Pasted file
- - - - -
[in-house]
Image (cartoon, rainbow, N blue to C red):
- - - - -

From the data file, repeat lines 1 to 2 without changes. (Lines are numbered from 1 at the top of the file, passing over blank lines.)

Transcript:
[in-house]
Image (cartoon, rainbow, N blue to C red):